12.
Biomolecules ; 11(3)2021 03 19.
Article in English | MEDLINE | ID: covidwho-1148287

ABSTRACT

The huge global expansion of the COVID-19 pandemic caused by the novel SARS-corona virus-2 is an extraordinary public health emergency. The unavailability of specific treatment against SARS-CoV-2 infection necessitates the focus of all scientists in this direction. The reported antiviral activities of guanidine alkaloids encouraged us to run a comprehensive in silico binding affinity of fifteen guanidine alkaloids against five different proteins of SARS-CoV-2, which we investigated. The investigated proteins are COVID-19 main protease (Mpro) (PDB ID: 6lu7), spike glycoprotein (PDB ID: 6VYB), nucleocapsid phosphoprotein (PDB ID: 6VYO), membrane glycoprotein (PDB ID: 6M17), and a non-structural protein (nsp10) (PDB ID: 6W4H). The binding energies for all tested compounds indicated promising binding affinities. A noticeable superiority for the pentacyclic alkaloids particularly, crambescidin 786 (5) and crambescidin 826 (13) has been observed. Compound 5 exhibited very good binding affinities against Mpro (ΔG = -8.05 kcal/mol), nucleocapsid phosphoprotein (ΔG = -6.49 kcal/mol), and nsp10 (ΔG = -9.06 kcal/mol). Compound 13 showed promising binding affinities against Mpro (ΔG = -7.99 kcal/mol), spike glycoproteins (ΔG = -6.95 kcal/mol), and nucleocapsid phosphoprotein (ΔG = -8.01 kcal/mol). Such promising activities might be attributed to the long ω-fatty acid chain, which may play a vital role in binding within the active sites. The correlation of c Log P with free binding energies has been calculated. Furthermore, the SAR of the active compounds has been clarified. The Absorption, Distribution, Metabolism, Excretion, and Toxicity (ADMET) studies were carried out in silico for the 15 compounds; most examined compounds showed optimal to good range levels of ADMET aqueous solubility, intestinal absorption and being unable to pass blood brain barrier (BBB), non-inhibitors of CYP2D6, non-hepatotoxic, and bind plasma protein with a percentage less than 90%. The toxicity of the tested compounds was screened in silico against five models (FDA rodent carcinogenicity, carcinogenic potency TD50, rat maximum tolerated dose, rat oral LD50, and rat chronic lowest observed adverse effect level (LOAEL)). All compounds showed expected low toxicity against the tested models. Molecular dynamic (MD) simulations were also carried out to confirm the stable binding interactions of the most promising compounds, 5 and 13, with their targets. In conclusion, the examined 15 alkaloids specially 5 and 13 showed promising docking, ADMET, toxicity and MD results which open the door for further investigations for them against SARS-CoV-2.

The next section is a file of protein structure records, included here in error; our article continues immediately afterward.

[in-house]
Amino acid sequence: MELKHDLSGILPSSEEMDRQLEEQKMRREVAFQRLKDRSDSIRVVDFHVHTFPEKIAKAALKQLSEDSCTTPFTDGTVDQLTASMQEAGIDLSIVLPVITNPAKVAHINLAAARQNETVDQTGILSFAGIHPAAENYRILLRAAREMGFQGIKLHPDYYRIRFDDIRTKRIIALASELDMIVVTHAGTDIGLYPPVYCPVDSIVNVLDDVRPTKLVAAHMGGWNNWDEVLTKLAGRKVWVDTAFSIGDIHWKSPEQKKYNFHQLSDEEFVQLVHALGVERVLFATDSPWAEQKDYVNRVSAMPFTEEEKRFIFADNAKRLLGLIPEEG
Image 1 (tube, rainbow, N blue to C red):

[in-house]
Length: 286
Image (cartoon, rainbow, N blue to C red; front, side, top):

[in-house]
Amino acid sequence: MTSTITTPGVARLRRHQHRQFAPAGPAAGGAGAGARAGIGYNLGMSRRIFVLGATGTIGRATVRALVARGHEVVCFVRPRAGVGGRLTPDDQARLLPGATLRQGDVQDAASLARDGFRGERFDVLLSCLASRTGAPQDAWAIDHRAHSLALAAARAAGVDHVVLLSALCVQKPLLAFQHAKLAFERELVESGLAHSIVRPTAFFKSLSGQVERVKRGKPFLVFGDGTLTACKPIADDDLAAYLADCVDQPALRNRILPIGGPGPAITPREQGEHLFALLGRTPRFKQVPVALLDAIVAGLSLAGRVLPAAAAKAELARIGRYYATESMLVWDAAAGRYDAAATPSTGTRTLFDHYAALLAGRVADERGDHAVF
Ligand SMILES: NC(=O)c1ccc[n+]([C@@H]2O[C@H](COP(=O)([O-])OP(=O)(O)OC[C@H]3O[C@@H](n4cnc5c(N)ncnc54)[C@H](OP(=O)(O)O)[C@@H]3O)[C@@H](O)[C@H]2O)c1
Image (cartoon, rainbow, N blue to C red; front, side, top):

Subject(s)
Alkaloids/chemistry , Antiviral Agents/chemistry , Coronavirus Nucleocapsid Proteins/chemistry , Porifera/chemistry , SARS-CoV-2/chemistry , Spike Glycoprotein, Coronavirus/chemistry , Animals , Antiviral Agents/pharmacology , Antiviral Agents/toxicity , Blood-Brain Barrier , Crystallography, X-Ray , Ligands , Membrane Glycoproteins/chemistry , Molecular Docking Simulation , Molecular Dynamics Simulation , Phosphoproteins/chemistry , Protease Inhibitors/chemistry , Rats , Software , Viral Proteases/chemistry
13.
Sci Rep ; 11(1): 6614, 2021 03 23.
Article in English | MEDLINE | ID: covidwho-1147848

ABSTRACT

There is a plethora of severe acute respiratory syndrome-coronavirus-2 (SARS-CoV-2) serological tests based either on nucleocapsid phosphoprotein (N), S1-subunit of spike glycoprotein (S1) or receptor binding domain (RBD). Although these single-antigen based tests demonstrate high clinical performance, there is growing evidence regarding their limitations in epidemiological serosurveys. To address this, we developed a Luminex-based multiplex immunoassay that detects total antibodies (IgG/IgM/IgA) against the N, S1 and RBD antigens and used it to compare antibody responses in 1225 blood donors across Greece. Seroprevalence based on single-antigen readouts was strongly influenced by both the antigen type and cut-off value and ranged widely [0.8% (95% CI 0.4-1.5%)-7.5% (95% CI 6.0-8.9%)]. A multi-antigen approach requiring partial agreement between RBD and N or S1 readouts (RBD&N|S1 rule) was less affected by cut-off selection, resulting in robust seroprevalence estimation [0.6% (95% CI 0.3-1.1%)-1.2% (95% CI 0.7-2.0%)] and accurate identification of seroconverted individuals.


Subject(s)
Antigens/immunology , COVID-19/diagnosis , Serologic Tests/methods , Adolescent , Adult , Aged , Antibodies, Viral/blood , COVID-19/virology , Coronavirus Nucleocapsid Proteins/immunology , Female , Humans , Immunoassay , Immunoglobulin A/blood , Immunoglobulin G/blood , Immunoglobulin M/blood , Male , Middle Aged , Phosphoproteins/immunology , SARS-CoV-2/isolation & purification , Sensitivity and Specificity , Spike Glycoprotein, Coronavirus/immunology , Young Adult
14.
Biochem Biophys Res Commun ; 538: 54-62, 2021 01 29.
Article in English | MEDLINE | ID: covidwho-1125913

ABSTRACT